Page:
The over all project is GPL... but individual source files can still be BSD. The viral nature of the GPL doesn't actually go in and cut out the BSD license and replace it, it just overrides for the sake of the overall project. You have BSD programs on your computer, brosis, you use BSD software.

  10. #30
    Join Date
    Jun 2011
    Posts
    862

    Default

    Quote Originally Posted by brosis View Post
    Yes, that's possible; but UI isn't most critical part of their application, so why not.


    Embedded when not low on resources, but strong DRM; or security in field with no network or direct access to code are my bets.
    Okay I suppose that's an answer for statically linking in general. I certainly have used a form of static linking for bundling the actually valuable resource files into the binary so that they're not so easily taken and messed with, but... what I don't understand is why you'd need to statically link in the Qt libraries in that situation. Certainly your DRM related libraries should be statically linked in, but Qt? Do note this is a serious question, you've got me curious about the usecase.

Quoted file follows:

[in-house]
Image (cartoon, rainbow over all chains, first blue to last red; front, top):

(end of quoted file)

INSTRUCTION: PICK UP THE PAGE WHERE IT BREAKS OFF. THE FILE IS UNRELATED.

Last edited by Luke_Wolf; 07-07-2013 at 08:56 PM.

Posting Permissions

  • You may not post new threads
  • You may not post replies
  • You may not post attachments
  • You may not edit your posts
  •